Below is a guest post from Norman Mogil and Arthur Donner.
Lessons from the Reagan Era on Managing Twin Deficits
Many in the U.S. are harking back to the Reagan era for guidance on how to implement the pro-growth policies advocated by President Donald Trump and the Republican Congress. When Ronald Reagan took over the leadership of the United States in 1981, he inherited an economy that had endured nearly a decade of stagnant growth combined with accelerating consumer prices.
Tax cuts lay at the heart of the so-called Reagan revolution. Reagan believed that high taxes threatened individual freedom, suppressed overall economic growth, and encouraged wasteful government spending. Thus, the tax laws of 1981 were the single most important piece of legislation to emerge from Reagan’s first term. The sweeping tax cuts slashed federal income tax rates, for taxpayers in every income bracket, by 25% over a three-year period. However, slashing taxes came at high price.
On the fiscal side, Reagan’s failure was his inability to restrain government spending. Reagan ran for office in 1980 as a harsh critic of “tax and spend” liberalism, vowing as President to shrink the size of the government by slashing federal spending. Once in office, however, Reagan found it impossible to deliver on his promises. Simply stated, the Reagan Administration blew up the federal deficit to 6 per cent of GDP in 1985 from just 2 per cent in 1980. (See accompanying table). It was not until the first term of President Clinton that a balanced budget was restored.
|U.S. Budget Deficit as % of GDP||2%||6%||3%|
|U.S. Trade Deficit as % of GDP||0%||3%||4%|
|U.S. $ Index||100||142||90|
|U.S. 10-year bond yield||11%||12%||8%|
First, while still fighting the high inflation created in the 1970s, the Federal Reserve continued with its tight-fisted monetary policy. Long term interest rates remained above 10 per cent for much of the decade and really did not start to make their long decent until the first half of the 1990s. The cost of government debt finance was part of the problem of containing the steep budget deficit. The United States had to fight internal inflationary pressures and at the same attract foreign savings to fund the deficit.The tripling of the American budget deficit was highly stimulating to the economy. In effect, it was the application of a Keynesian strategy that used government to prime the pump of the economy. But the surge in the U.S. budget deficit had unintended consequences.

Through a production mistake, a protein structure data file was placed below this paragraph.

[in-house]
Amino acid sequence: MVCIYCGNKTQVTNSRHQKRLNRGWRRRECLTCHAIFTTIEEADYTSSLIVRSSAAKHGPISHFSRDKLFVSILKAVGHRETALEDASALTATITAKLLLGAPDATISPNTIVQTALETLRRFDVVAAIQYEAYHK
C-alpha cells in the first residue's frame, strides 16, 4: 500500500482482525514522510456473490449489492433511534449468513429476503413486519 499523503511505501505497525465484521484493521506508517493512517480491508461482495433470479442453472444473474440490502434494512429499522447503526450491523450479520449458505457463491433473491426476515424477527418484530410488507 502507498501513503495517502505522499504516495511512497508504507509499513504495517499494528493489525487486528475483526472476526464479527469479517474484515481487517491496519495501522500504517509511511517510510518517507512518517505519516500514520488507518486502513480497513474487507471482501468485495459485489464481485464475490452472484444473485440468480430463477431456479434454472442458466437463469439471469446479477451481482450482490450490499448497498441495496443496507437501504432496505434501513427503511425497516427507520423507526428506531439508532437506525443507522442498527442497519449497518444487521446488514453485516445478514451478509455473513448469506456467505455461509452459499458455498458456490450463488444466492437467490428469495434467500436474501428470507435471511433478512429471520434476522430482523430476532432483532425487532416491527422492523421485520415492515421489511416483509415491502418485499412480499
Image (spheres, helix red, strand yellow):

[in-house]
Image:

Second, high interest rates led to a surge in the external value of the U.S. dollar. The U.S. exchange rate index soared by over 40 per cent in the period 1980-85. Because of the fiscal stimulus, the U.S. economy was growing again and savings from abroad contributed to a rapid appreciation of the dollar.
Third, the presence of an expensive dollar and a growing economy took a heavy toll on the U.S. trade account. In 1980 the American trade account was roughly in balance, but it soared into a deficit of 4 per cent of GDP by 1985 and remained so until the end of the decade. There also was a big push in the United States to introduce protectionist policies to deal with the trade deficits. Does this not sound familiar today?
Fourth, a soaring U.S. dollar and a rapidly deteriorating trade deficit obliged the international community to intervene alongside with the U.S. The “Plaza Accord” of 1985 called for the United States to devalue its currency in response to its rising current account deficit. The central banks of United States, West Germany, Japan, France, U.K. agreed to intervene in the exchange markets to bring about an orderly devaluation. By the end of the decade, the U.S. dollar declined by about 50 per cent.
Summing up, the Trump Administration is proposing to cut taxes dramatically and simultaneously spend up to $1 trillion over the next decade towards improving the country’s deteriorating infrastructure. Hence, there is a deep concern that the federal budget will explode. The Trump tax cuts will likely result in higher budget deficits, not lower deficits.
And as a reserve currency in uncertain times, the U.S. dollar will likely remain too strong, and increase even further due to the tax cuts and rising interest rates in the United States. A higher dollar will likely lead to a widening of the trade deficit as imports becomes relatively cheaper than today.
As for a new Plaza Accord agreement, this seems most unlikely. The Trump Administration has adopted a very aggressive stance towards it trading partners, and in all likelihood, it has eliminated the goodwill necessary to reach any new agreement.
Lastly, it is hard to see the Canadian dollar strengthening against the U.S. dollar in the early stages of the Trump Presidency.
More likely, as negotiations on revamping NAFTA begin we can expect the Canadian dollar to come under downward pressure, especially if the United States takes a hard line and unilaterally slaps on a broadly based border tax. Right now, the jury is out on the future price of the Loonie.